Playwright George Elroy Boyd was born in Halifax Nova Scotia in 1952, one of nine children. He died July 7, 2020 at Mont Sinai Hospice in Montreal at the age of 68. He attended Saint Mary's University, and studied broadcasting at the Nova Scotia Institute of Technology. In 1989, he became Canada's first Black news anchor for CBC Newsworld.
His play Shine Boy about the life of Halifax resident George Dixon, the first Black man to win a world boxing title, was produced by Neptune Theatre in 1988, and was the first play by a Black Nova Scotian to be produced there. Boyd was writer-in-residence at Neptune in 1995.
Gideon’s Blues (1996) dramatizes the downward spiral of an educated Black man whose ambitions for himself and his family are thwarted by a racist response to his attempts to find suitable work, and he turns to drug dealing – reversing the roles of victim and victimizer. It is published by Talonbooks, and adapted as a TV drama titled The Gospel According to the Blues by Thom Fitzgerald in 2010.
Consecrated Ground premiered at the Eastern Front Theatre in 1999. It was nominated for a Governor General’s Award in 2000, and published by Talonbooks and in the anthology of contemporary African Canadian drama, Testifyin’ Vol. II, (2003) edited by Djanet Sears. Consecrated Ground depicts the consequences to a Black family of the razing of Africville on the outskirts of Halifax in the 1960s and the relocation of its 400 residents to more “progressive” public housing. The play depicts the struggle between the advocates of Black heritage and history and the advocates of white liberal socio-economics.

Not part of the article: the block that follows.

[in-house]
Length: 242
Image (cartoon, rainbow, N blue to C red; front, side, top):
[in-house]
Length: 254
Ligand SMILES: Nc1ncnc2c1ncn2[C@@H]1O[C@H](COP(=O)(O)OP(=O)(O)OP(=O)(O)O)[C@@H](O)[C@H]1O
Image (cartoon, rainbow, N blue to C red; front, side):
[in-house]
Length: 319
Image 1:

George Boyd has been writer-in-residence at Black Theatre Workshop in Montreal, and his play Wade in the Water was produced in the 2003-04 season. It was awarded a 2004 MECCA Award (Montreal English Critics’ Circle Award) for Best Director, and was a runner-up for Best Production. It is published by Playwrights Canada Press (2005). Wade in the Water also demonstrates the importance of history in the affirmation of self and community against racism and marginalization. It traces the journey of a former slave from the post-war South to Nova Scotia where he reunites with his son, and then travels to Freetown, Sierra Leone, where tragically he is drowned by slavers when he foils their attempt to enslave his grandson. Although his own father and master was white, Nelson, the protagonist, finally rejects white paternalism as the social order.
His 2009 play, Le Code Noir, about the life of 18th-century composer Joseph Bologne, Chevalier de Saint-Georges, (dubbed "Black Mozart") was produced by Black Theatre Workshop at the Segal Centre for Performing Arts.
Further reading: Rachael Van Fossen. “A Particular Perspective: (Re)Living Memory in George Boyd’s Wade in the Water,” African-Canadian Theatre. Ed. Maureen Moynagh. Toronto: Playwrights, 2005.
Profile by Gaetan Charlebois and Anne Nothof, Athabasca University
Last updated 2020-08-07